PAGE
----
Lost – 1. Unable to find one’s way; not knowing one’s whereabouts.
2. Unable to be found.
This week, at my job with the Bohemia Journal, I was tasked with the job of getting lost. My boss, Amanda, suggested that I flip a coin or spin around blindfolded and then write about wherever I end up. Amanda, as you can see, wanted me to be in a state where I do not know my whereabouts—lost. This task was very intriguing to me, and I couldn’t avoid the opportunity; however, even more intriguing was the opportunity to interpret the word lost in a different way. So, Amanda, this week, as you suggested, I got lost. But I did not get lost in the sense that I didn’t know where I was. I got lost in the sense that I was unable to be found.
I’m not an incredibly over dramatic person. In fact, I’m a pretty mellow guy—I like there to be as little drama in a situation as possible. So, understand that when I made it so that I was lost—unable to be found—I didn’t broadcast it to the world. I didn’t make a big fuss about my short-lived journey. I didn’t tell all of my friends on Facebook that, “I now go into the wild.” I just went. I walked out of my one bedroom apartment, walked slowly down the stairs, and then I went on a ride—I got lost. Had anyone started looking for me, they would’ve discovered quickly that I was lost. They would’ve said, “We’ve lost Michael!” and they would’ve been right. I was going somewhere that only I knew about; a place where, on more than one occasion, I’ve found sanctuary from the day-to-day rush; a place where I would certainly be lost.
I started my journey at 11:52pm, Thursday night, June 9th, 2011. It was a warm night—as most June nights tend to be in Texas—which meant that my journey was going to be a very comfortable one. The mode of transportation that I chose for my ride was my 1984 Honda Rebel. The tail lights, which rest comfortably on two wire hangers—a make-shift fix that, ideally, will provide both a safety when I’m turning, as well as a safety from my tail lights getting caught in my rear tire. The mirror on the left side of my handle bars was badly bent—bent in such a way that it is always pointing towards my stomach, serving as a reminder that I cannot see where I am going, and that I should probably cut down on the beer and pork rinds. My means of transportation, while humble, is, next to my guitar and my music collection, the most precious thing that I own. We’ve been lost before, me and my rebel.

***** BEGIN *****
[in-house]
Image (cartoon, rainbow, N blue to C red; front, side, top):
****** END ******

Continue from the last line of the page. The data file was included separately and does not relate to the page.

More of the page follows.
Unfortunately for me, I do not have a motorcycle license. Yes, I do ride my motorcycle almost everywhere that I go. I do not, however, have a motorcycle license—which means, as you must’ve already concluded, that I do not ride my motorcycle legally. While I would like to tell you that this is some deeply philosophical means of sticking it to the man, or is some attempt at civil disobedience, I cannot. Those motives make me sound way smarter and cooler than I actually am. The real reason that I ride illegally is because I can’t afford a motorcycle license. In order to get a motorcycle license in Texas, a citizen of the state is required to take a motorcycle safety course—a course which, in my financial state, cannot be afforded.
At 11:52PM, I inserted my key into the ignition of my motorcycle. After turning the choke on and getting her started, my motorcycle and I began our journey—we got lost. I, moving at 60 miles per hour—constantly checking my surroundings for police officers and slowing down significantly when one came into my line of sight—felt the same rush that I always feel when the wind rushes through my hair like it did this warm June night. I felt amazing. I felt free. I felt lost.
For the entirety of the ride, I was singing lyrics to songs which I remember. Cat Stevens, Peace Train had been playing on my computer earlier, and I couldn’t help bust sing that. I also had Tuba Mirum, from Mozart’s requiem, stuck in my head, as well as a bunch of Creedence Clearwater Revival songs. The whole time I was out I was doing two things—I was singing, or I was thinking about how I was going to put this amazing, unfathomable experience into words. Singing “Up Around the Bend” at the top of my lungs is a lot easier than thinking about how I’m going to write an essay describing the most amazing feeling I’ve ever had in my life. But that’s what I was doing. I was singing, and I was thinking….
To be continued